In this way, attachment issues formed in childhood can wreak havoc on a marriage. Many unfaithful partners will take this surreal re-enactment of parental relationships further by unconsciously trying to get caught, so that, just as their mother or father once did, their husband or wife can now punish them and absolve their guilt.

Symbiotic relationships

Couples in symbiotic relationships are, as the old expression goes, “joined at the hip”. They go everywhere together and do everything together. Unconsciously angry and fearful at this erosion of self, partners in symbiotic relationships will often try to control each other. They will feel slighted by the smallest criticism, and “lessened” by the extreme emotional dependence in their relationship. Many partners will ‘solve’ this crisis by having an affair. The reliance on the other person won’t disappear, however, and the guilty party will often confess, in the hope that, like the misbehaving child, they'll be forgiven by the mother/father/spouse.

Emotional or Sexual Bisexuality

All of us possess psychological characteristics of both genders. In some people, however, there is a tug-of-war between these masculine and feminine traits, and these individuals often unconsciously release themselves from this struggle by having an affair. With two partners, they are free to express both sides of their personality, and, more often than not, to switch between assuming a more dominant and a more passive role in a relationship.

Social media, where the grass is always greener

Above are the psychological drivers that, in my opinion, trigger most affairs. But as to why there's been such a dramatic rise in extra-marital affairs in recent years - something I’ve noticed first-hand among my clients - I blame social media.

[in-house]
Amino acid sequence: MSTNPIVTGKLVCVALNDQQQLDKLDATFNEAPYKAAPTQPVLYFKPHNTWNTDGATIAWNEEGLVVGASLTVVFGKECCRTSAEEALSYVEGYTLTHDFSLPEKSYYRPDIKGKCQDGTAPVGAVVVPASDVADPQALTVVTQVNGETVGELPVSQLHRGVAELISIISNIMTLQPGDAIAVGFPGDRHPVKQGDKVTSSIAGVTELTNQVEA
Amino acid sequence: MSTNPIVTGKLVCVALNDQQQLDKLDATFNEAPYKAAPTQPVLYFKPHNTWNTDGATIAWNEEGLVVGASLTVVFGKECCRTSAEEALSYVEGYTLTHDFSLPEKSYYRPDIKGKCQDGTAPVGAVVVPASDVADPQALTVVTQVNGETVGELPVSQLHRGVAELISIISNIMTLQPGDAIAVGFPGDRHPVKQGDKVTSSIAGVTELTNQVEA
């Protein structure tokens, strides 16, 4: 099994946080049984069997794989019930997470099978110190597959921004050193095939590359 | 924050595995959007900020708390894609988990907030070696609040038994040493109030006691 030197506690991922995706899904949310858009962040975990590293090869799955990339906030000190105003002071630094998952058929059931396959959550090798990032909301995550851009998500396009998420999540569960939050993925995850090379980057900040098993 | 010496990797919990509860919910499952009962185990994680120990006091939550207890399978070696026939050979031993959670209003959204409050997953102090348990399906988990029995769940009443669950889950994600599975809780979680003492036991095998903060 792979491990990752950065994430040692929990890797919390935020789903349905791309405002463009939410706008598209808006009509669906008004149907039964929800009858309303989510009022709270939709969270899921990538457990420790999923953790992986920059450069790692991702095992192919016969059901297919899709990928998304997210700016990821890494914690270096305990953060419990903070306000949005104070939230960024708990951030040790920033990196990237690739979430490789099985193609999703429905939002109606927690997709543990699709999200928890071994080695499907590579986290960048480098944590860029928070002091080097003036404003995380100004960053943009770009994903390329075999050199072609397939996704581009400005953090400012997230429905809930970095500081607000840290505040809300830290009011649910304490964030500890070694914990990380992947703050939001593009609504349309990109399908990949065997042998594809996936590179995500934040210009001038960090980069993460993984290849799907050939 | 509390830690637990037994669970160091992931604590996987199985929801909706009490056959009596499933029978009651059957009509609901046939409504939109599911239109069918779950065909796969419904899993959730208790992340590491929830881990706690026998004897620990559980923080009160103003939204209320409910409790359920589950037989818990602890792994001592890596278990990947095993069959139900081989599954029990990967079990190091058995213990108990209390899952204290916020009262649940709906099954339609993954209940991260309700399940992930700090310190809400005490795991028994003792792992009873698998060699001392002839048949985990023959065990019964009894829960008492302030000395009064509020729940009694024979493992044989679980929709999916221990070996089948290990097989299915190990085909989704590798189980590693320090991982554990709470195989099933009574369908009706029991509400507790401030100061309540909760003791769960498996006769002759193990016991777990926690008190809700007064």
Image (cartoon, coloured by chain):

It’s not just that sites such as Twitter or Facebook make it easier to meet new people, or, as in the case of some unfaithful clients of mine, reconnect with old ones. It’s also that they fuel our narcissism, our sexual appetites, and our egos. The dating app Tinder has a staggering 50 million active users who spend an average of 90 minutes on the site every day.

We may feel happy in a relationship, but what if there’s a more attentive, understanding and sexually exciting partner out there for us, someone we can find at the click of a button?

The internet is making it harder for us to remain faithful. Needless to say the internet isn't going anywhere! There’s no easy answer to any of these problems. But I do believe that, the more we understand about infidelity, and the forces that drive us as human beings, the closer we will move to having the relationships we desire and deserve.

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Why do we stay in painful relationships?

Psychotherapist & Psychoanalyst Melike Kayhan explores an intriguing question


As a couples therapist, I often encounter partners in severe distress. I'll regularly find myself in a room with two people who are barely speaking, or, during early meetings, unable to have a conversation that doesn't become a shouting match.

We tend to think that other people have 'perfect' relationships. But the scenario above is incredibly common, and understandable when you consider that a relationship has to meet the hopes, needs and longings of two completely autonomous people. It's easy for things to go wrong.

What has always intrigued me, however, is just how far couples will go to preserve a relationship, even if it's causing them - and sometimes their children - terrible pain.

When I first started out as a couples counsellor I’d meet partners who appeared so mismatched I wondered how they'd got together. Did they have a sadomasochistic streak? And how had they been able to continue living together under such duress?